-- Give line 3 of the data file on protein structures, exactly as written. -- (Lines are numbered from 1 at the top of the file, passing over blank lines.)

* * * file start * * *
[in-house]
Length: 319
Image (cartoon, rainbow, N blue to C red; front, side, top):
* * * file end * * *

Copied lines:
Image (cartoon, rainbow, N blue to C red; front, side, top):